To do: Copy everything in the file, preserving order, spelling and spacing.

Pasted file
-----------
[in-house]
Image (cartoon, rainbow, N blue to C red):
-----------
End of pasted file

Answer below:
[in-house]
Image (cartoon, rainbow, N blue to C red):